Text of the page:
In December 2014, Mama Rainbow suddenly disappeared from Chinese streaming sites. Fan was told by streaming sites Youku Tudou and 56.com that they had removed the film at the request of the State Administration of Press, Publication, Radio, Film and Television (SAPPRFT). Fan made an official inquiry to SAPPRFT in February 2015, but the media regulator responded that it had no record of making such a request. Fan filed a lawsuit against them in September 2015, an action that was widely reported by international media. In December 2015, Beijing No.1 Intermediate People's Court ruled that SAPPRFT was correct in stating that it had not released any document calling for the film to be taken down.[16][17] The case was seen as an important victory by LGBT activists. "I still think the verdict is to my advantage, because now knowing the agency did not release any document, I can require the video sites to put my film back," Fan stated at the time. As of October 2018, the film had not been restored. Fan has continued to be vocal about censorship of his work; he spoke out against Facebook for removing queer content.[18]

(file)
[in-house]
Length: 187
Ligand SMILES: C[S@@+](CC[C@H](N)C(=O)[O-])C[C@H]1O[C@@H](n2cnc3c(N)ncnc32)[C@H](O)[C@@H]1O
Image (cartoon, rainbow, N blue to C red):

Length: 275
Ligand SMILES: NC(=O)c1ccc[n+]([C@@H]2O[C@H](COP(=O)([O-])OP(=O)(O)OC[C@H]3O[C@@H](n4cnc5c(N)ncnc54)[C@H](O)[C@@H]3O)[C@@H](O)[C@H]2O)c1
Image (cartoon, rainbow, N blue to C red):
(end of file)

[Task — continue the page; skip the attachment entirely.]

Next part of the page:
Beijing Queer Film Festival[edit]

Fan is a board member of Beijing LGBT Center and Beijing Queer Film Festival (BJQFF).[19] His is credited for his role in revitalizing BJQFF in the face of more intense crackdowns by the state.[20]

Filmography[edit]

Year English Title Original Title Notes
2016 Papa Rainbow 彩虹伴我行
2013 The VaChina Monologues 来自阴道
2012 Mama Rainbow 彩虹伴我心
2011 Be A Woman 舞娘
2009 Chinese Closet
2009 New Beijing, New Marriage 新前门大街 Co-directed by David Zheng

Reception[edit]

Fan's films have screened at festivals and academic conferences around the world. They include Vancouver International Film Festival, Berlinale, Frameline and Outfest. He was the recipient of the 2012 PRISM Award at Hong Kong Lesbian and Gay Film Festival.

References[edit]

  1. ^ "Fan Popo - Biography". Queer Comrades. Retrieved 2018-10-14.